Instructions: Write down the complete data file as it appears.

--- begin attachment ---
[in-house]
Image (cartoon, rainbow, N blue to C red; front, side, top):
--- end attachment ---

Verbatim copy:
[in-house]
Image (cartoon, rainbow, N blue to C red; front, side, top):